Steven D Greydanus on the subervise non-subversiveness of Phineas and Ferb

On the website of the ever-interesting Steven D Greydanus there is a piece on Phineas and Ferb, one of the many many children’s shows which are also calculated to appeal to adults, but one with a tone and tenor quite different from the easy cynicism and pseudo-sophistication of so much of this sort of thing:

There are at least a half dozen reasons “Phineas and Ferb” never should have existed, and how fortunate for viewers of all ages that it does. It’s no wonder show creators Dan Povenmire and Jeff “Swampy” Marsh were unable to get it on the air for 16 years. The wonder is that they ever thought they could, and that they finally succeeded, and that this amazing, oddball show — which ran from 2007 to 2015, with five one-hour specials and a small-screen feature film, “Phineas and Ferb: Across the 2nd Dimension” — found the audience it so richly deserves.

“Phineas and Ferb” should not exist, to begin with, because it’s too complicated; at the same time, it’s too formulaic. It’s weird-looking, which isn’t much of an obstacle these days, but it goes into deeper weirdness far from the beaten path for mainstream family entertainment. There’s lots of music, generally a mark of kiddie entertainment, yet much of the witty humor is clearly aimed at older audiences. Who on earth is this show for? I mean, besides me, and my kids, and everyone I know, and everyone else.

Mostly, “Phineas and Ferb” shouldn’t exist because its dominant spirit of exuberance, innocence, optimism, and generosity is so out of step with the abrasiveness of TV animation in the post–“Simpsons” era.

This disconnect is only highlighted by the fact that prior to “Phineas and Ferb” Povenmire and Marsh worked together on “The Simpsons” and “Rocko’s Modern Life”; Povenmire’s other credits include “SpongeBob SquarePants” and “Family Guy,” while Marsh has worked on “King of the Hill.”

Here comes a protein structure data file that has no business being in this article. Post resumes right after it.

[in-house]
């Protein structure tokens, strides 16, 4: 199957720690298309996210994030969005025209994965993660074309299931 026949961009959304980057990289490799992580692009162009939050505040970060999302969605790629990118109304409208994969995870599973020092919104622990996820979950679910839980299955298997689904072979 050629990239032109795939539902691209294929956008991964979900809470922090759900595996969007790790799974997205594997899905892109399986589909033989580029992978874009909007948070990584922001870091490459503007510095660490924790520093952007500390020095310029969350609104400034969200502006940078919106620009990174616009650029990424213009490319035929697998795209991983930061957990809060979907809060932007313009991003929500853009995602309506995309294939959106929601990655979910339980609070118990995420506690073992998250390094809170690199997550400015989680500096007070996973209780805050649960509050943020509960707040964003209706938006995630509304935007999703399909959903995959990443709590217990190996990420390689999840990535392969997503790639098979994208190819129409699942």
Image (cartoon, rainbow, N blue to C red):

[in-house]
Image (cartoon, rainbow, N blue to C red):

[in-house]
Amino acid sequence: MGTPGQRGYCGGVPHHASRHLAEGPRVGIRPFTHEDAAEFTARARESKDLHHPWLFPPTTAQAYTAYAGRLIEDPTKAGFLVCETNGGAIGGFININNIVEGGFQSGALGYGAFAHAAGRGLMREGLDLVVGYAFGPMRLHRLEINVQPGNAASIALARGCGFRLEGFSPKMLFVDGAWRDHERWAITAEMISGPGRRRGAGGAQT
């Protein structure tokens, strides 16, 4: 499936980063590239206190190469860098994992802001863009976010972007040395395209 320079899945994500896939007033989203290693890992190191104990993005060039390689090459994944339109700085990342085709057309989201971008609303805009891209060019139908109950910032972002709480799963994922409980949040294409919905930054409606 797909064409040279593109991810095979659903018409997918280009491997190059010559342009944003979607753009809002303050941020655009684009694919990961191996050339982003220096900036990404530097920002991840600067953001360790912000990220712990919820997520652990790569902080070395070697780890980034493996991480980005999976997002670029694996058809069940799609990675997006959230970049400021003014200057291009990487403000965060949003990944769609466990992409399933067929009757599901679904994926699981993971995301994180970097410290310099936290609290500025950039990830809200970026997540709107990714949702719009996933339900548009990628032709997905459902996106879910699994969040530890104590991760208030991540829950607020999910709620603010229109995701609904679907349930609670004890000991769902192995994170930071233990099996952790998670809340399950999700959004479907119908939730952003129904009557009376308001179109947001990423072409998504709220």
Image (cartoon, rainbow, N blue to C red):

What most of these shows share with “Phineas and Ferb” is a blisteringly fast-paced, gag-driven, winkingly absurdist style popularized by “The Simpsons.” What all of them except “Phineas and “Ferb” share are varying levels of cynicism and misanthropy.

Take “SpongeBob.” SpongeBob may be as cheerful and optimistic as Phineas, but he’s also a moron; other characters, like Squidward, are jerks. On “Phineas and Ferb,” no one is really nasty; all the characters are ultimately endearing, even busybody Candace, bullying Buford, and Dr. Heinz Doofenshmirtz, an underachieving evil scientist with an endless parade of failed doomsday devices (“inators,” as in “Destruct-inator” or “Inside-Out-inator”), who has no greater ambition than to take over the Tri-State Area.

Indeed, how much exuberance (for starters) is there in contemporary hyper-atomised, hyper-competitive culture?

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